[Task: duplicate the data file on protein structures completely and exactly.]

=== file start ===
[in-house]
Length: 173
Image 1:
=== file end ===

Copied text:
[in-house]
Length: 173
Image 1: